Urinary Tract Infections (UTIs)

Reducing Urinary Tract Infections

Appeared in the August, 2013 issue of Quality Care®

How do People get UTIs: Most UTIs arise from bacteria that normally live in the colon and rectum and are present in bowel movements. These bacteria cling to the opening of the urethra, begin to multiply, & travel up to the bladder. Urine flow from the bladder usually washes bacteria out of the body. However, because women have a shorter urethra than men, bacteria can reach the bladder more easily and settle into the bladder wall.

Prevalence: More than 4 million doctor office visits per year in the United States are for urinary tract infections (UTI). About 12% of men and 50% of women will have a UTI during his or her lifetime.

Symptoms:

  • Painful urination
  • Frequency
  • Urgency
  • Lower abdominal or pelvic pain or pressure
  • Blood in the urine
  • Milky, cloudy, or pink/red urine
  • Fever
  • Strong smelling urine

In the elderly population, symptoms of a urinary tract infection can be easily overlooked, causing a delay in diagnosis. Elderly people with a UTI are more likely than younger people not to be diagnosed until the complication of sepsis occurs. The elderly often do not experience or report obvious symptoms that younger people have, such as difficult urination, or frequent urination. Instead they may exhibit far more vague symptoms that are similar to many other diseases or may be assumed to be due to the aging process. These symptoms include: confusion, feelings of general discomfort, disorientation, fatigue, weakness, behavior changes, falling, and/or a new, acute incontinence. In addition, because incontinence is common in the elderly, they may not be aware of the symptom of frequency. If you experience any of these symptoms, see your healthcare professional.

Prevention of UTIs: There are several ways to prevent bladder infections:

  • Bathroom Behavior: Emptying the bladder by trying to urinate every two to three hours.
  • Diet: The use of cranberry products in research has been shown to decrease the ability of bacteria to adhere to the lining of the urethra and bladder.
  • Hygiene: Using soap & water or commercially available cleansing wipes several times per day & frequent changing of incontinence pads as they become wet can minimize the amount of bacteria in the urethral area. Women should always wipe from the front of the vagina to the back of the anus after urination or a bowel movement and wear cotton underwear. It is also reported that wearing thong undergarments may increase ones risk of developing an infection.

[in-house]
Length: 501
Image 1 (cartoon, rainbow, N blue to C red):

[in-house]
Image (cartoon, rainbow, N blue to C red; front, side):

• Sexual Activity: Can be the source of UTIs in women. Insuring proper lubrication to the vagina and voiding before and after intercourse are tactics to help prevent infection. Some physicians encourage women who have a history of recurrent infections to take a prophylactic antibiotic after intercourse, as it reduces risk of recurrent UTI by about 85%. At a minimum, restrict your number of sexual partners and urinate immediately after sexual intimacy to lower the risk of recurrent UTIs.
  • Vaginal Estrogen: reduces risk of recurrent UTI by repopulating the normal vaginal lactobacilli that keep bacteria from the rectum from multiplying and causing a bladder infection. Forms of vaginal estrogen are available at very low dosages that have minimal systemic absorption.
  • Catheter Use: proper cleansing and storage of catheters is important in one who intermittently catheterizes, as the catheter can be a vehicle to introduce infection if the technique is incorrect or if the catheters are not properly cleaned between each use. A “closed system” catheter provides a reliable means of sterile IC because the introducer tip is surrounded by a urine collection bag and never exposed to bacteria typically found at the urethral opening.

NOTE: Vaginal estrogens and antibiotics are medications that need to be prescribed by your healthcare provider.

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